Keyport Man Admits Guilt in Pre-Legal Sports Betting Operation, Forfeits $80,000
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Keyport Man Admits Guilt in Pre-Legal Sports Betting Operation, Forfeits $80,000

Keyport Man Admits Guilt in Pre-Legal Sports Betting Operation, Forfeits $80,000

Long before sports betting became legal in New Jersey, a man in Monmouth County had his own action going. Now, it's costing him big.

Keyport Man Admits Guilt in Illegal Gambling Operation

Last month, John Dougherty of Keyport admitted to a federal judge in Newark that he and an unnamed conspirator ran an illegal online gambling operation for more than six years. 

From January 2011 through October 2017, Dougherty worked with an unidentified New Jersey resident, acting as an agent to gather participants for their illicit gambling operation. 

Dougherty had assembled a group of gamblers who, with his conspirator's assistance and knowledge, gained access to a sports betting website through their own usernames and passwords. Dougherty’s unidentified partner funded the wins and divided the payoff from lost bets with Dougherty, according to U.S. Attorney Craig Carpenito.

The partners communicated with their group of gamblers online, on cellphones, through text messages and even through UPS overnight delivery. Furthermore, the pair continually changed their phone numbers and also used code names to avoid detection, added Carpenito.

For example, in one text message exchange, Dougherty messaged his partner concerning an expected delivery of "35K" and then received the reply, "Tell me when the eagle has landed." Later that same day, Dougherty sent a picture of a UPS Express Box containing a large amount of cash, $35,000 to be exact, sent by the bettor. “Eagle has landed," he texted. "Gonna count now.” 

Keyport is a borough in Monmouth County, nicknamed the “Pearl of the Bayshore.” However, the borough has sadly seen a decline over the years. Keyport is part of the Bayshore Regional Strategic Plan, an endeavor by the municipalities in the northern part of Monmouth County to revive the area's failing economy. The plan promotes traditional downtown shopping districts, maritime history, and the natural beauty of the Raritan Bayshore coastline.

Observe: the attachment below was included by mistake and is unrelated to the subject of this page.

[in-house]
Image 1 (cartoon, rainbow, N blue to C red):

The Consequences Catch Up with Dougherty

Dougherty has already forfeited $80,000 to the United States government as part of a guilty plea in exchange for lenient sentencing. The charges were conspiracy to use facilities in interstate commerce in order to carry out a business enterprise involving gambling.

U.S. District Judge Anne E. Thompson has scheduled Dougherty’s sentencing for May 6, 2020, in Trenton. The charge of conspiring to use facilities in interstate commerce to carry out a gambling business was, at the time, in violation of both federal and local state law. The crime has a maximum penalty of five years in prison and a $250,000 fine. 

Judge Thompson was nominated by President Jimmy Carter in 1979 to her seat on the United States District Court for the District of New Jersey. Judge Thompson was not only the first woman to serve as a federal district court judge in the state of New Jersey, but she was also the first African American federal judge in the state of New Jersey. 

U.S. Attorney Craig Carpenito gave credit to the special agents of the FBI as well as to the special agents of the IRS-Criminal Investigation Division for producing the evidence leading to Dougherty’s guilty plea. The final verdict was secured by Assistant U.S. Attorney J. Fortier Imbert of the Special Prosecutions Division. 

Assistant U.S. Attorney Imbert has prosecuted several high profile tax fraud cases in the state and U.S. Attorney Carpenito also has a history of prosecuting high profile cases. While working as an Assistant United States Attorney, Carpenito successfully prosecuted Walter Forbes, the Chairman of Cendant Corporation, for his role in the largest accounting fraud case in U.S. history at that time. Forbes was sentenced to more than 12 years in prison, and ordered to pay $3.28 billion in restitution.

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